I'm really not a pro wrestling kind of guy, to be honest. My exposure to it was back when I was younger, in the days of the Rock 'n' Sock Connection, when my friend and his brother constantly emulated the Hardy Boyz and practiced their chokeslams out on their backyard trampoline. I played the old Wrestlemania and Smackdown games at friends' houses, and never really enjoyed them too much. How do I do a suplex? Where did he just get the folding chair he just smashed over my head? Dammit, I got pinned and don't understand why.
And yet, I found THQ's WWE All-Stars surprisingly enjoyable. It's the strange sort of game that's targeted both at hardcore fans of pro wrestling - a love letter to the great stars of past and present - and at people who've never played a wrestling game in their life, much like how you don't need to play football or basketball to appreciate NFL Blitz or NBA Jam. (Fittingly enough, senior designer David Friedland had previously worked on Blitz: The League, and creative director Sal Divida was involved with both NBA Jam and NFL Blitz).
WWE All-Stars is a colorful, cartoonish, over-the-top take on the universe and history of the WWE (formerly the WWF before those jerks at the World Wildlife Foundation got all snooty about things), pitting former legends like Randy Savage, Ricky Steamboat, The Rock and Andre the Giant against modern-day stars like Sheamus, Kofi Kingston, John Cena and The Big Show. From the time-warping premise onwards, the game cheerfully tosses all pretense at realism out the window in favor of a more action-game bent. "We've taken some liberties with the rules," explained THQ's Sal Divida at a press event - the desire was to have a fast, twitch-based game that "kept the action rolling," and one that didn't spend a lot of time with characters grappling on the ground.
With All-Stars, the team at THQ San Diego has tried to mash up a pro wrestling game with a traditional fighter. The core of the game's combat revolves around strikes and grabs, with light and strong versions of both mapped to the controller's face buttons. The standard "strikes > grabs > blocks > strikes" rock-paper-scissors of fighting games is in place: Strikes can be chained into each other for branching combos, but can be easily blocked. Grabs are unblockable, but will lose out to strikes - and though the timing is tight, almost every single grab can be reversed (as can the reversals themselves).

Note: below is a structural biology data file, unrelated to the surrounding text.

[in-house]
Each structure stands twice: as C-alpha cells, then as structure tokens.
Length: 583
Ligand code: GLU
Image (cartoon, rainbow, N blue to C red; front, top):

Characters have a depleting health bar that makes it easy to tell at a glance which one is ahead, but you can pummel and grapple with your opponent all day and the match won't end - you can only claim victory by getting a pin (which is much easier if your foe's life is critical) or hitting them with a instant-K.O.-inducing finishing move when they're at low health. THQ San Diego has also taken a cue from classic fighters with the presence of what is effectively a "super meter" like you'd see in the likes of Street Fighter or BlazBlue. Players will build energy as they battle - varying one's tactics and techniques will help fill your meter more quickly, as individual moves will generate less energy the more times they're used - and can expend a third of the power meter to unleash one of their character's signature moves.
These signature moves are, appropriately enough, the highlights of a match - and fit well with All-Stars' over-the-top nature. The moves themselves are exaggerated (jumping fifteen feet in the air while carrying a 450lb heavyweight bruiser? No problem!), and executed in Matrix-style bullet time, with every movement accompanied by a trail of color. The colors stand out all the more against the suddenly-grayed-out background, and mat impacts are accompanied by slow-mo ripple effects. Even if it weren't for the fact that they're powerful moves that do a ton of damage, I still found myself trying to use them as much as possible for the sheer entertainment of the spectacle.